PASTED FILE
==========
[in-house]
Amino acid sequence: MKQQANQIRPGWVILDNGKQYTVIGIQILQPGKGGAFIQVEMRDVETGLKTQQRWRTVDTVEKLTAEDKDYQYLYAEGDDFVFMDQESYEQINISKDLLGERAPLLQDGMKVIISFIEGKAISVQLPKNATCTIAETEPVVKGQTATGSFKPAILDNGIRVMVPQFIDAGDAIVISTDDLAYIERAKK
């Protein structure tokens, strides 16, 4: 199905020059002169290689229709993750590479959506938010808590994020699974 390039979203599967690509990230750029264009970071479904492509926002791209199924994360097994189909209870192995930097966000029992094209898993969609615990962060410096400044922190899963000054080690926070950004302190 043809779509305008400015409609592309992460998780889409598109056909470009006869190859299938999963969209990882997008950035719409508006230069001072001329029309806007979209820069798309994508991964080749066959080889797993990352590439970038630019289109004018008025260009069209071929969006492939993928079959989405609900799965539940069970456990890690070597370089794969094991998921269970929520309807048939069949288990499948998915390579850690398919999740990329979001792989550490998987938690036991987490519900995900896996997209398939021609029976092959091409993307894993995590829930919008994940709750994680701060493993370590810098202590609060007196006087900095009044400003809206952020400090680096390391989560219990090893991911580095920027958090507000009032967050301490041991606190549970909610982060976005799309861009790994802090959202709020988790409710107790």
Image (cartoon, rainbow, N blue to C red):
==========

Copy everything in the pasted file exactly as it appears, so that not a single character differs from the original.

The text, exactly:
[in-house]
Amino acid sequence: MKQQANQIRPGWVILDNGKQYTVIGIQILQPGKGGAFIQVEMRDVETGLKTQQRWRTVDTVEKLTAEDKDYQYLYAEGDDFVFMDQESYEQINISKDLLGERAPLLQDGMKVIISFIEGKAISVQLPKNATCTIAETEPVVKGQTATGSFKPAILDNGIRVMVPQFIDAGDAIVISTDDLAYIERAKK
């Protein structure tokens, strides 16, 4: 199905020059002169290689229709993750590479959506938010808590994020699974 390039979203599967690509990230750029264009970071479904492509926002791209199924994360097994189909209870192995930097966000029992094209898993969609615990962060410096400044922190899963000054080690926070950004302190 043809779509305008400015409609592309992460998780889409598109056909470009006869190859299938999963969209990882997008950035719409508006230069001072001329029309806007979209820069798309994508991964080749066959080889797993990352590439970038630019289109004018008025260009069209071929969006492939993928079959989405609900799965539940069970456990890690070597370089794969094991998921269970929520309807048939069949288990499948998915390579850690398919999740990329979001792989550490998987938690036991987490519900995900896996997209398939021609029976092959091409993307894993995590829930919008994940709750994680701060493993370590810098202590609060007196006087900095009044400003809206952020400090680096390391989560219990090893991911580095920027958090507000009032967050301490041991606190549970909610982060976005799309861009790994802090959202709020988790409710107790």
Image (cartoon, rainbow, N blue to C red):